We have to act with forgiveness, as we are forgiven by God. We know we are not perfect. We will try and sometimes fail, sometimes struggle, sometimes still hurt one another. Part of our foundation must be knowing what to do when that happens. “Paul” says, “Put away from you all bitterness and wrath and anger and wrangling and slander, together with all malice, 32and be kind to one another, tenderhearted, forgiving one another, as God in Christ has forgiven you.” We cannot accept the gifts that God wants to place in our hands if we are holding onto hurts and grievances and wrongs. Forgiveness involves repentance and reconciliation, but if you have been wronged, you don’t have to wait for an apology to be ready with forgiveness. God certainly offers it to us without waiting for our apologies, knowing that forgiveness is more likely to change hearts than bitterness and resentment.
            Speak the truth in love. Build each other up. Forgive, as we’re forgiven by God. These are “Paul’s” tenets, you could say, for laying the foundation for a community that is seeking to be imitators of God, no small goal. What are your tenets, your guidelines? As we set about this journey together, as we dream together, as we act with purpose, mission, vision, what would you put at the root of our work? I’d really like to hear from you, and know that as we set out, we set out together. Friends, beloved children of God, let us live in love, as Christ loved us. Amen.  

Sunday, August 05, 2012

Lectionary Notes for Eleventh Sunday after Pentecost, Year B


Readings for Eleventh Sunday after Pentecost, 8/12/12:
2 Samuel 18:5-9, 31-33, Psalm 130, Ephesians 4:25-5:2, John 6:35, 41-51

2 Samuel 18:5-9, 31-33
  • Kings often had to deal with power struggles from their own children, especially when multiple sons were competing for power. Can you imagine the heartbreak of your own child out to get you?
  • Even still, David's love for Absalom is evident throughout the text. He wants Absalom to be spared. Torn between what is best for his kingdom, and what is best for him and for his child. Conflict of interest, to say the least.
  • "me instead of you" - that's deep love, when we would put ourselves in harm's way in place of someone else. An ongoing theme in our Christian story, no? In God's story with us?
  • The way Absalom is killed is sad, horrible, and almost comic-book like, I hate to say. Seems like a cartoon death.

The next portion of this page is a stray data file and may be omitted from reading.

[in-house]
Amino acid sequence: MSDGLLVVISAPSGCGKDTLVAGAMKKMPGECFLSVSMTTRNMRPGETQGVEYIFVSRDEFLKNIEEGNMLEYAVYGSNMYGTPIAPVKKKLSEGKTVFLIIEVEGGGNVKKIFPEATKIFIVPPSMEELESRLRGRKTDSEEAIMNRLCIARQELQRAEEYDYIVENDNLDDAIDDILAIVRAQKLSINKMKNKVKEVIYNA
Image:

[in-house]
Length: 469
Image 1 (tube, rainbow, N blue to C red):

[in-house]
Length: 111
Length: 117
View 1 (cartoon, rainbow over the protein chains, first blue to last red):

Psalm 130:
  • This psalm was just in the lectionary last month. Kind of soon for a repeat, no?
  • A favorite Psalm. My favorite musical setting of this Psalm is the John Rutter Requiem, performed occasionally by my childhood-church.
  • Out of the depths - what are the depths from which you call to God? Do you remember to call to God from your lowest low?
  • This psalm shows a great faith and hope in God's grace and forgiving mercy, unlike some psalms that are more bent on vengeance: "If you, O Lord, should mark iniquities, Lord , who could stand?" It is a nice change.
  • wait, wait, wait the psalmist says. I've read statistics before about how many years of our life we spending waiting in line for things. How much of your life do you spend waiting on God? Are you more patient about waiting in line for concert tickets than you are about waiting for God? 
  • Relate this Psalm to the text from 2 Samuel. They are both laments. Do you lament to God?
Ephesians 4:25-5:2:
  • "members of one another." I like this imagery. Not just members of the body of Christ, but members, then, of one another. That's deep connectedness, and we should treat it with care.
  • "do not let the sun go down on your anger" - an oft-quoted and little-heeded phrase.
  • "tender-hearted" - that's a cleaned up way of saying "with healthy bowels," which is the literal translation of eusplanchnos, but it has the meaning of compassionate, so I guess tender-hearted sounds a little prettier!
  • "be imitators of God, as beloved children" - Indeed, children are the best at imitating behavior, aren't they? We're called to do as good a job in imitating God.
John 6:35, 41-51:
  • This text continues with week three of a month-long series of texts from John 6 that all talk about Jesus and bread and feeding and bread of life and living water, etc., etc. The imagery is rich and meaningful and can communicate a great deal. On the flip side, I remember preaching on these texts three years ago when I was just starting at my first appointment, and wondering if I would ever get to talk about something other than bread!
  • never hunger, never thirst. For people who have actually experienced real hunger, these images must have been particularly powerful.
  • "is this not Jesus?" The crowds question Jesus' authority and credibility, which is a good way to undermine someone who is saying what you don't want to hear. We do this today in politics, in the church, in our families - wherever someone is speaking truth we don't like!
  • "unless drawn by the Father" - very process-theology language - being lured to God.